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The second ATLANTIC FESTIVAL was themed "MECHANICAL WORLD OF SOUNDS". The main venues could be found in the city of Koblenz. The American Edison, as the inventor of the gramophone and, thereby, the first possible reproduction of music and language, served as the starting point. The kick-off were five historical fairground organs on the city squares of Koblenz (in connection with the Siemens cultural program). Instead of the usual, nostalgic music of fun fairs, one could hear music of contemporary composers (Detlev Glanert, Peter Michael Hamel, Steffen Schleiermacher, Gerhard Stäbler and Jörg Widmann).

At the Mittelrhein-Museum, Koblenz there was the exhibition "MECHANICAL WORLD OF SOUNDS": 60 historical music machines ranging from the violina, which is considered the eighth wonder of the world, to the jukeboxes of the 50s from the collections of Jacobi / Köln, Gauselmann / Espelkamp served to understand the fascinating evolution of the world of music machines. For the opening of the exhibition there was a concert with arguably the most famous barrel organ player in the world, Pierre Charial,Paris, who played music from Mozart to Ligeti on his organ, and with the pianola player Wolfgang Heisig, Leipzig, who sat like a race bicyclist in front of his player piano and left the audience breathless. The subsequent music program was once again eclectic:

The Rundfunkorchester Saarbrücken was appearing with a musical program, which could almost be considered popular, by Gershwin ? for his 100th anniversary ? Ives, Copland and Bernstein.

Analogous to the mechanical devices the ensemble MUSICA TEMPORALE / Sachsen and GO GUITARS / München, Augsburg played minimal music at the chamber concert: a world premiere by Tom Johnson, which was commissioned especially for the festival by the ensemble MUSICA TEMPORALE. Further, music by Phil Glass, Louis Vierk and Frederic Rzewski. Popular music was represented by a rock'n roll concert of the band Boppin'B, whose outfit and music corresponded with the 50s jukeboxes.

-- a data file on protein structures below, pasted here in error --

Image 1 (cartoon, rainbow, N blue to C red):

The gathering of the youth for New Music was a special event which brought forth no less than five different schools and working groups for New Music, which presented their work results to each other: die Arbeitsgemeinschaft (study group) Neue Musik at the Leininger Gymnasium Grünstadt, die Arbeitsgemeinschaft Neue Musik at the Robert-Schumann-Gymnasium Leipzig, together in an inter-German exchange program, die Arbeitsgemeinschaft Neue Musik at the Auguste-Viktoria-Gymnasium Trier as well as the workshop results of the Peter-Altmeier-Gymnasium Montabaur and various other high schools in Koblenz.

You could listen to compositions by Gerhard Stäbler, LaMonte Young, Dieter Schnebel, Christian Wolff, Mauricio Kagel, Steve Reich, Terry Riley and Alvin Curran. The students very much enjoyed their own performances as much as the ones of their fellow schools, and the intimate theatre at the Mittelrhein museum as well as the Mittelrhein museum itself were full of life.

In addition to the musical performances and the exhibition in Koblenz, there was another exhibition of historical music and vending machines in Ramstein,with pieces predominantly from the USA (collection of the museum Gauselmann). Here, too, there was an opening concert ? with country music.

Enkenbach's Provinzkino offered movies on the topic of "playing/gambling", and the towns Grünstadt and Montabaur took part in the Atlantic Festival with student concerts.

The media followed the festival with the greatest interest. On a national level, the Atlantic Festival was represented by the Saarländischer Rundfunk in the category of Internationale Musikfestpiele der Europäischen Rundfunkanstalten (international music festivals of the European radio stations); a one-hour- feature at the SWR, with a contribution in SWR Kultur / Fernsehen (culture / TV), as well as through the SWR playing the live recordings of the chamber concert and the student gathering for New Music.